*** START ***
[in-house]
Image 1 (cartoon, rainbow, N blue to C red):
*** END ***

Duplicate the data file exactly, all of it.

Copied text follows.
[in-house]
Image 1 (cartoon, rainbow, N blue to C red):